Saturday, June 4, 2011

Weather gone wild

The events of the last few months should make us all feel more thankful than ever to have a roof over our heads.

Though I could go in a lot of directions with that comment, I am primarily thinking about the weather. The world has experienced a series of massive natural disasters that have killed thousands and impacted many more lives.

The Japanese tsunami seems like a distant memory in some respects though it only happened a few months ago. An entire culture changed for the foreseeable future because of a strong earthquake and the resulting tidal wave.

Of course, in America, the weather has caused problem after problem in recent weeks. The massive tornado that destroyed much of Tuscaloosa, Ala, turned a quaint college city into a big mess. Any disaster that can cause fans of Auburn and Alabama's football teams to join together has to be recognized as a massive one.

Additionally, because of the rainy spring season, the Mississippi River brought flooding from the Midwest down to Louisiana. I have never gone through a serious natural disaster, but I have always thought flooding must be one of the most frustrating because people have to stand there and watch their lives get slowly swept away.

I do not mean to minimize other natural disasters. They all can be awful. For example, the recent tornado in Joplin, Mo., was an example of how these storms take no prisoners.

Among the hardest hit places in that city was a hospital. Hospitals are essential during these events, and when one gets wiped out, it makes a bad situation even worse.

Not only are the existing patients traumatized by the storm, but the hospital can not assist newly injured people. This type of one-two punch can devastate any community whether it is a small town or large city.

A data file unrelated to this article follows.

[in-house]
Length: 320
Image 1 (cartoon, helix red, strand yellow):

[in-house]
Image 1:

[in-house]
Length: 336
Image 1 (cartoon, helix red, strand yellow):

All these events have happened, and we have only just started hurricane season. The season lasts from June 1 until November 30. If events continue to unfold as they have, it should not surprise us if we see a lot of strong storms in the Gulf of Mexico this year.

The bottom line is the events described above demonstrate just how fragile life is. Ways of life can be changed in only a few minutes if we find ourselves in the path of a storm.

We all go about our day-to-day lives and rarely consider how easily it can all be gone. This is not meant as a criticism. We grow accustomed to the pace of our lives and enjoy our comfort zones. I enjoy my comforts zones and do not like to get kicked out of mine.

However, sooner or later, it happens to all of us. Weather disasters are just one way this occurs. And since the weather is not going away, we will always remain vulnerable to what our friends in Japan, Alabama, and Missouri have gone through.

Despite this possibility, weather has always fascinated me and will continue to do so. The power of weather is especially interesting. If The Weather Channel is broadcasting a show about tornadoes then there is a good chance I will watch it. If meteorologist Jim Cantore is strapped to a tree in the middle of a hurricane, I will be sitting about a foot-and-a-half from my television screen.

Weather is one example of life's double-edged sword. It can be beautiful and deadly. It can be breathtaking and tragic. It can be tranquil and terrifying.

There are not a lot of aspects of life that we can say that about. Then again, I am glad there are not many things that fall in that category. Life is challenging enough as it is.

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